In traditional Islamic jurisprudence, there is considerable debate on when an individual who has gone “missing” can be pronounced dead. The primary focus was when the wife can be declared a widow for the purposes of inheritance and remarriage, etc. The position in the Hanafi School varies from 90 to 120 years since the “missing” person’s date of birth, a fair bit of wait. It is always unnerving in Pakistan to talk about “missing” persons, waiting periods and closure. However, the intention today is to draw attention to something else. Imam Abu Hanifa believed that the maximum period a woman can remain pregnant (gestation period) with a child was two years; Imam Malik, Imam Shaafaee and Imam Ahmad ibn Hanbal believed it to be four. We now know that to be medically impossible. All the four great Imams were amongst the best jurists of all times, with unparalleled nuance and insight, yet they did not get some of these things completely right. Why? Simple, because they were not men of science, they laid no claim to be as such and the scientific facts we hold to be self-evident today were not completely established or, at least, known to them at the time.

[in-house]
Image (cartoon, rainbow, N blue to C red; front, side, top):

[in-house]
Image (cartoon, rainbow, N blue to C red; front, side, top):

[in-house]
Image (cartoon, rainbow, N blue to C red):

The Council of Islamic Ideology (CII) has no great men of science and the position seems to be identical on the religious jurist front. The CII has recently said that DNA evidence should not be acceptable as primary evidence in rape cases. The declaration is an affront to religion, science and basic sensitivity towards rape victims. To get some perspective on rape, Alexander Pope’s, “Rape of the lock” was proposed to be taken out of the curriculum because it had the undesirable word “rape” in it, while we have no problems with actual rape and its perpetrators — some priorities, right?
The CII has said this despite a relatively recent Supreme Court judgment, where the Court upheld DNA evidence as admissible. The petitioner in that case was one of the finest lawyers in this country, Mr Salman Raja, himself. The CII further said that the blasphemy law needs no amendment and other assorted gems. In a country where the Constitution not only lays down state religion but also stipulates that no law can be made against injunctions of religion, has an Islamised criminal justice system, a Federal Shariat Court, one should pause and ask, are we not trying a bit too hard? A body comparable with the CII in principle is the Guardian Council in Iran, an incredibly regressive body of jurists who act as a supra-legislative chamber.
Parliament is already under a legal obligation to make laws in accordance or, at least, not in conflict with religious dictates. What justification then is there for the existence of a body like the CII? Perhaps, because nobody wants the heat; in any event, it has only advisory jurisdiction, etc. True as that may be, the CII and the likes define the discourse and the space available for rational dialogue. And precisely for that reason needs to be abolished.